(There's some color for you, Magpie!)
1) In Sunset magazine's February issue, Bellingham is one of their ten "2011 Best Towns-- Places to Make You Happy". Each town in the feature was chosen for a different reason, and Bellingham, with 65 miles of multi-use trails within the city limits, was chosen as the best place to "play year-round":
To get a sense of the adrenaline-pumping possibilities around Bellingham, a seaside haven 90 miles north of Seattle, you need look only at the annual Memorial Day weekend Ski to Sea Race. The seven-sport relay draws nearly 500 teams of competitors-- some with Olympic pedigrees, some wearing tutus-- for a mettle-tester bookended by cross-country skiing on Mt. Baker and sea kayaking on Bellingham Bay.
"Geographically, we're in the right spot," says Ted Wang, president of the Whatcom Association of Kayak Enthusiasts. He's referring to the county's 143 miles of Puget Sound shoreline and 3,000 miles of rivers and streams, the San Juan Islands just across the bay, and the North Cascades National Park to the east. "There's more here than any of us will ever get to in our lifetime."
Worst-kept secret: It rains. Local consensus: So what?
2) In the New York Times article "10 Restaurants Worth a Plane Ride" featuring Willows Inn on Lummi Island, just outside Bellingham.
Willows Inn, on the tiny San Juan island of Lummi, is about two hours from Seattle by car and ferry. Yet it is about to become a destination restaurant, thanks to its new chef, Blaine Wetzel. The 24-year-old, formerly the protégé of Rene Redzepi at Noma, the Copenhagen restaurant that was ranked the “best restaurant in the world” for 2010 by S. Pellegrino, took over the kitchen at Willows last year. The restaurant itself reopens in February; expect a menu with an obsessive focus on local ingredients, in the style ofNoma. Since he was hired, Mr. Wetzel has been working with a farmer and an urchin diver who work solely for him.
3) Whatcom County ranked #2 in the United States in the "Indie City Index," which compiled information on the vitality of independent businesses. The Bellingham Herald article:
Whatcom County residents have a reputation for supporting local, independent businesses. Now it is being noticed nationally.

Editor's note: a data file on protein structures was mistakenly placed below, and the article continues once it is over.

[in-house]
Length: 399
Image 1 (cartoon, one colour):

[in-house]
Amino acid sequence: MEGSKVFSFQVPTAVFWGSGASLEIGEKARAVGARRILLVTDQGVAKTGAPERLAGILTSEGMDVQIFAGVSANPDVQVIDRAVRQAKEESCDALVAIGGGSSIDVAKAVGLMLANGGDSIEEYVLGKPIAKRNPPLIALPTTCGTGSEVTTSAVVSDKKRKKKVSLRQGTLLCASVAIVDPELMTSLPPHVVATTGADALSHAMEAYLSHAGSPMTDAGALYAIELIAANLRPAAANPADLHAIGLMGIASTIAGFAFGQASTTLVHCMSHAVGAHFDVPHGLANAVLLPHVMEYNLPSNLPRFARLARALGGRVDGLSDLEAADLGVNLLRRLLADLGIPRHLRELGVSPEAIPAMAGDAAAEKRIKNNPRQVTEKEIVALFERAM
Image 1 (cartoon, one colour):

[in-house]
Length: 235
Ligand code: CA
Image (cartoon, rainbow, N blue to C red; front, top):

A new report about the vitality of independent retailers ranks the Bellingham metro area - which includes all of Whatcom County - second highest out of 363 metro areas studied. The top spot went to Ocean City, N.J.; followed by Bellingham, Medford, Ore.; Carson City, Nev.; and San Jose, Calif.
Metro areas at the bottom of the list include Kankakee, Ill.; Topeka, Kan.; and Auburn, Ala. The Indie City Index 2011 was put together by the American Booksellers Association and the strategic planning firm Civic Economics.
The methodology involved taking a metro area and calculating the amount of sales from major chain stores to determine market saturation. The less chain store saturation for the area, the higher the ranking in the Indie City Index.
Whatcom County's high ranking doesn't come as a surprise to Chuck Robinson, co-owner of Village Books in Fairhaven. He said the support of local, independent businesses was good when he and Dee Robinson opened the bookstore in 1980 and it's continued to strengthen, particularly in the past seven or eight years with the growth of the Sustainable Connections organization and its "Buy "Local" campaigns.
"Many more people we see say they've changed their buying behavior because they want to support local businesses, and I think a lot of it has to do with increased public awareness," said Robinson, who has previously been a board member for Sustainable Connections.
Many advocates of independent businesses believe there's an economic benefit to shopping local and keeping the money within the community. Robinson notes there are also cultural benefits to having a robust independent retail community.
"Not many towns have something like Hardware Sales or two great local brew pubs like we have here," Robinson said. "Having these unique businesses are important to the community."
Strong independent businesses in a community also benefit the local tourism industry, as people look for authentic places, said Derek Long, executive director for Sustainable Connections. He's also impressed by the amount of business Whatcom County companies do with each other, keeping the money circulating within this area.
"This area is relatively healthy," said Long, referring to the vibrancy of the independent business community. "The population here thinks carefully about how they spend money, and we're fortunate to have that here."
The tourism and business-to-business benefits are alive and well at Chuckanut Brewery & Kitchen, said co-owner Mari Kemper. While the brewery has a regular customer base, it receives quite a few out-of-area visitors wanting to try out the latest beer. In turn, Kemper said they try to buy their products locally, including from Bellingham Pasta Company and Barlean's Organic Oils.
"We have a lot of talented, creative people here and we want to do what we can to support them," Kemper said.
It's still a challenge, however, given the current economic problems and competition.
"The recession continues to be challenging and we still need to get the message out there about the importance of supporting local businesses," Kemper said.
The Indie City Index was released at the Advocates for Independent Retail National Leadership Summit in Washington, D.C., on Thursday, Jan. 20. To see the full report, visit IndieCityIndex.com.
So what are you waiting for? Come check us out!